Rails vs Phoenix MVC

As I was beginning to read and learn about the Elixir/Phoenix world, I stumbled across this talk at the Elixir Warsaw Meetup by José Valim, the creator of Elixir.

In this talk he’s giving a high-level overview about the benefits of using Phoenix: the productivity benefits we’re accustomed to from Rails, and the performance of the underlying Erlang runtime.

While I was watching it, there was a slide where he talked about Phoenix’s MVC pattern, and he showed this image (at 26:05):

I noticed that the controller was the center point of the image. The controller would reach out to the “leaf” nodes—none of the leaf nodes are connected.

The typical MVC diagram I’m used to seeing is more of a triangle. It usually looks something like this:

http://stackoverflow.com/questions/6873469/delphi-7-trying-to-understand-the-mvc-pattern

Here the nodes are all interconnected.

When José was talking about the first image above he said this:

“Functional programmers like to split side-effects—things that change the world around you…side-effects is where the complexity in our applications exist.”

When he said this, it made me think of many of the Rails apps I’ve encountered. Usually they look something like this:

class SomeController < ApplicationController
  def blah
    @model = ...
    @model.perform_side_effects
    render ...
  end
end

class Model < ActiveRecord::Base
  def perform_side_effects
    self.some_association.perform_side_effects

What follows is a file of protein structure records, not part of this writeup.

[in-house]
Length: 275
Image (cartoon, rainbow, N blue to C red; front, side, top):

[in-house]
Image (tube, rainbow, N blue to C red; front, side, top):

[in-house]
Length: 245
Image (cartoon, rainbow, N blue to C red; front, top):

end
end

class SomeAssociation < ActiveRecord::Base
  def perform_side_effects
    do_the_actual_work
  end

  private
    def do_the_actual_work
      update_attributes(...)
    end
end

In the controller action we find the model, and then call a model method to do the work (after all, you do practice Fat Models Skinny Controllers™ don’t you??).

That model method calls another method, which calls another method, which calls a private method that finally does the “side-effect.” Sometimes, the method calls can nest three or four times deep (especially as the app grows in size).

Read- and Maintain-ability

Arguably the most difficult part of software is reading (and understanding) someone else’s code, and then being able to maintain that code effectively.

I’m starting to think that the Phoenix pattern would be an excellent thing to bring into my Rails apps. If only the controllers produced side-effects, it would be very easy to read through the controller action and see what is actually going to change.

If all change happens in controllers, the Rails models would become more like a functional programming language’s modules—independent functions that transform data without persisting side-effects. That sounds easier to use, compose, and test.

While I’m sure I’m not the first person to think this, it is something I’m going to implement moving forward—whether I’m in Rails or Phoenix land.